Alright, kids, I officially started to worry about my ability to finish the AKIJAK: The 28 Before 28 Project. By specifying strangers, I unknowingly made this project much more difficult than in could have been, as a number of people I know have indicated that they would offer to help if they weren’t ineligible. However, I wouldn’t be myself if I didn’t set an incredibly high standard and feel like I absolutely have to complete it to be successful.
If you didn’t already know, “Kiss me, I’m Irish,” is a phrase that was made up because kissing the Blarney Stone is meant to be lucky, but if you cannot do that, an Irish person will do the trick. (I’ve already kissed the Blarney Stone, and did not receive the fabled Gift of the Gab, which is why I like writing so much more than talking.) Due to my dislike of the idea of kissing anyone for this project while either of us has been drinking (consent is sexy), I kind of figured I wouldn’t find a participant this day.
First thing in the morning, I walked to the bus stop, wearing my green trousers and a scarf I got for St. Patrick’s Day when I was in Dublin this time last year, and nearly immediately started chatting with a Northern Ireland ex-pat, who commented on the scarf. We talked about the way the holiday is treated here verses in Ireland (I let him know I used to live there). Although we had quite a nice talk about his family fleeing Northern Ireland in 1987, I sort of figured this solemn talk wasn’t the best time to introduce my project, so I did not ask him.
Shortly after getting to work, I had a coworker ask me, “are you going around kissing people?” I had to explain the parameters of the project, but he asked in good humour. I guess my coworkers know about the project now.
Part of me wishes I hadn’t said strangers, not only because some lovely friends have offered to help, but because I’d have a reason to approach people I already found attractive before the project started.
Some feedback from people who saw my post on Facebook: a friend is afraid I’ll get oral herpes. “The thing about strangers is they are strange.” Fair enough, but I’m not kissing everyone in sight, and so far I have tended to kiss only people referred to me by friends, so I feel I have a relatively low chance of that happening.
After I had assumed I wouldn’t find a participant, I had one handed to me on a silver platter.
3. Jay. Longest first kiss in the series to date. There were multiple onlookers, of whom I was conscious the whole time, and I was also conscious of standing on a couch to get close enough to lock lips (not due to him height, but just the fact that the couch was between us when I explained the project and he emphatically declared, “Get over here!” as an indication that he wanted to participate).
My friend Marie asked if I had met Jay before, and when I said I hadn’t she immediately told me to tell him about my experiment. I launched into an explanation of how it is not an experiment because there is no hypothesis, and his reaction to this moment of light-hearted arguing/explaining was incredibly entertaining. Laughing can make the whole awkward experience a little easier to handle.
While we were in our lip lock, I heard one of my friends ask if her roommate (all of these people were all in the same room where I was kissing this stranger) if he was interested. I overheard him say, “Nope, that crosses too many boundaries for me right now,” which is completely fine, and made my life a little easier, as I didn’t have to debate asking him. However, it felt weird to hear people discussing their likelihood of kissing me while I was kissing someone else (and while I could hear them).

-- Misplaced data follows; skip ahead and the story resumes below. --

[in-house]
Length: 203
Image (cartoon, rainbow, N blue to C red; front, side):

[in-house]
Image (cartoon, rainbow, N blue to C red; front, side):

I found out afterward that Jay is actually seeing my friend, and is part of an open marriage with a “don’t ask, don’t tell” policy. Awesome – I dig “alternative” lifestyles (I put that in quotes because I really wish I could just say I did lifestyles).
I considered asking one (or both) of the cute tech guys at my usual Tuesday night volunteering gig to participate, and tried to hover close enough to bring it up in conversation with a mutual friend who was there, but I was feeling so drained that I couldn’t get up the energy to do so.
I received a message of “damn, why did I have to become your friend a month ago?” from a man who thinks it would be creepy if he did the project. I told him I was doing my best to keep the creepy factor low. I wonder why it seems to be inherently less creepy a project when it is being enacted by a late 20’s woman rather than a man in his 40’s. If you have insights, let me know. Also, if you are in Victoria, BC, and are interested in participating, please let me know.
This project is very draining to my introvert sensibilities. I am using up way to much time trying to figure out where to find participants, and then going to the locations where I might find participants, and then ignoring things like chores and the fact that I requite time to myself to recharge. It is getting to the point where if I have an engagement that has little to no chance of me finding a participate, I get worried that I’m not going to finish the project (instead of just being excited about the event itself). I won’t find a participant in my locked house, but I really do need to do laundry tomorrow night, for example. I’m going on a date today, and I doubt it is socially acceptable to look for participants while we are getting to know each other.
After thought: I completely forgot that I wanted to write about (or at least mention) how intriguing it is that people are talking about this project, to each other in person, and not just on Facebook. I was mentioning to a friend that I needed help with my project, and imagine my surprise we she replied “is that the same project Marie had been telling me about?” Crazy! I did’t know Marie knew about it, as I hadn’t seen her comment on it/like it online.